1-5 In the
beginning was the Word, and
the Word was with God, and the Word was God. He was in the beginning with
God. All things came into being through him, and without him not one thing
came into being. What has come into being in him was life, and the life
was the light of all people. The light shines in the darkness,
and the darkness did not overcome it.
And the Word became flesh and
lived among us, and we have seen his glory, the glory as of a father’s
only son, full of grace and truth.
Analysis of the Text:
C received light
grace and truth
C' received grace and truth
1. The central theme of both sections, vv. 1-13, 14-18, is the Logos, in as much as it serves as the header for each section. Thus the central theme of the entire prologue is Logos. Understanding the main point of the prologue then will depend upon an accurate understanding of this key term.
2. The boundary markers to the first section, vv. 1-13, is the repetition of the word light. In the second section, vv. 14-18, the repeated phrase grace and truth serves the same role.
3. The center strophe to each section focuses upon the witness of John the Baptist.
4. The movement in each section flows from the Logos through the witness of John to the response of receiving the Logos through John's witness.
5. The conceptual structure of the first section, vv. 1-13 is universal: the Logos and all of creation including humanity. The Logos manifests himself, is witnessed to by John, but only a very small segment of humanity responds with acceptance.
6. The step, advancement of thought to a new level, occurs in section two, vv. 14-18, where the Logos is received by both Jew and Gentile in a fuller experience that brings the 'receiver' face to face with Almighty God himself.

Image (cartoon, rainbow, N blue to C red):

7. The Logos reveals himself to the world in vv. 1-5 and is largely rejected inspite of John's witness. But in the section section, vv. 14-18, to those receiving the Logos He reveals himself dramatically as the Shekina glory of God who tabernacled with His people, v. 14 , and John's witness, v. 15, highlights that superior revelation. The second receiving section, vv. 16-18, opens up dramatically larger experiences of encounter.
8. Each of the three strophes of both sections contains an advancement of thought in the second section parallel to that in the first section.
9. Note the similar patterns in Strophes A and A'. In
Strophe A the two-fold emphasis is upon the relation of the Logos to God
(vv. 1-2) and then of the Logos to Creation (vv. 3-4). In Strophe A', a
similar emphasis is found with appropriate advancement of thought to section
2. The Logos manifests himself to the believing community in creation by
dwelling in their midst. But the impact of that dwelling is to reflect
God to the believing community, since He is the Shechinah
Glory of the Father.